Q: You won your bracelet in 2012, a final table that included Canadian Sorel Mizzi, that m,ust have been a special moment for you, getting your piece of WSOP glory?
RB: It was amazing. First of all, 6-handed limit hold’em is my favourite game to play, it’s a lot of fun for me, and basically made up most of my cash game career.I was definitely in my comfort zone. I played a lot at Foxwoods, the Borgata and Turning Stone, so to win my bracelet in that game is just amazing. The players there? Terrence Chan was at that final table, he’s recognized as the best limit hold’em tournament player in the world, Sorel Mizzi, an overall tournament beast, and it was special too because Chad Brown finished 9th. He congratulated me afterward and sent me a message on Facebook. We were friends before but, after that, we stayed in contact before he died and would talk whenever we saw each another.
Q: That’s a great loss for the poker world.
RB: Yeah, he was such a nice guy, a real straight shooter and a kind hearted dude. He didn’t have a bad bone in his body. The good really do die young. RIP Chad Brown, he’s a great guy.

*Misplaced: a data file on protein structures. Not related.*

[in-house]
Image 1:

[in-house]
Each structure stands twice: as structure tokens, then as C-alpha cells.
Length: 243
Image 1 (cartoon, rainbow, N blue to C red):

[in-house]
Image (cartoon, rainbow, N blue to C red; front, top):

Q: Yes, he’ll certainly be missed my many. Well, congratulations on that bracelet win. In a tournament like that there’s very little dead money.
RB: There’s not much dead money at all. You had Maria Ho as well at the final table. The kid I beat heads-up is recognized as one of the best mixed game, cash game and limit players in the world. You had Marco Johnson, Brent Wheeler, the kid’s got two bracelets in limit hold’em, he finished 4th. You just don’t have any soft spots, none at all. Obviously I was running good, won several big pots in that tournament, credit that for my success, but I was also really on my game those last two days. Everything has to go right for you to win a bracelet and it just did. It was definitely one of the proudest moments in my poker career and my life. To win a bracelet with everybody watching, I had a big rail, it was really cool.